Showing posts from May, 2004

Plugins for Firebird

Don't care to see Macromedia Flash on Web sites while using Firefox ? Try installing Flashblock . You can install the .xpi file as a user and have it work at sites like Tom's Hardware as soon as you restart Firefox. Another cool plugin for Firebird (or Mozilla for that matter) is Live HTTP Headers . You can use this plugin to watch your browser's HTTP requests and the server's HTTP responses. To install this plugin, change the permissions on your /usr/X11R6/lib/firefox/lib/mozilla-1.6/components and /usr/X11R6/lib/firefox/lib/mozilla-1.6/chrome directories to be writable by the user installing the plugin. Alternatively, run Firefox as root and then install the plugin. Update : Check out the Web Developer Firefox extension. It's incredibly powerful.

Building Kernel and World on One System, Installing on Another

I'd read Tracking for Multiple Machines in the FreeBSD Handbook , which gives hints on building the FreeBSD userland, or "world," and kernel on one system and installing them on another system. You might do this because the target system is slow and your build machine is fast, or because you prefer to let production machines serve users rather than use CPU cycles rebuilding the world and kernel. Inspired by this post , I decided to try building the world and kernel on my package builder, "neely," and installing them on target systems. I chose my sensor platform "bourque," as a test system. First I made sure that neely's world was up to date. I'm tracking the security release of FreeBSD 5.2 (which takes care of 5.2.1). My /usr/local/etc/release-supfile looks like this, with all of the commented lines removed: *default *default base=/usr *default prefix=/usr *default release=cvs tag=RELENG_5_2 *default delete use-re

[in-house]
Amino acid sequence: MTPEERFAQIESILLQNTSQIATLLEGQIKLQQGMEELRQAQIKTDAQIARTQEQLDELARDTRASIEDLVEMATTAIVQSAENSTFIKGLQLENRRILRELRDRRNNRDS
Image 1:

Tom's Hardware on NICs

Tom's Hardware wrote a good article titled Gigabit Ethernet: On-Board Chips Reviewed . It explains the importance of high bandwidth PCI buses. I recommend reading it, but keep in mind the following feedback I sent the site: Hello, I found your article "Gigabit Ethernet: On-Board Chips Reviewed" useful. I'm really glad to see someone authoritatively discuss NIC issues. However, I think you use some throughput terms in odd ways. I believe a few changes could make it easier for the reader to appreciate your analysis. For example, here you say "133 MB/s," presumably to mean 133 MegaBytes per second, for the bandwidth of a 32 bit 33 MHz PCI bus. That is correct. Farther down the same page, you mention "a 100 MBit interface," which I guess you mean 100 Megabits per second. Would it not be better to standardize on 133 MBps and 100 Mbps, respectively? Just after that you say "2 GBit/s or 266 MBit/s". This is where you are mixing these t

Upgrading Cisco Router IOS